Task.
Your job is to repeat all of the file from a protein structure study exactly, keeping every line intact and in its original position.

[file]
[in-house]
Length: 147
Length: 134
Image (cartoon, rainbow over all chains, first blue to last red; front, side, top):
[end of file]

[in-house]
Length: 147
Length: 134
Image (cartoon, rainbow over all chains, first blue to last red; front, side, top):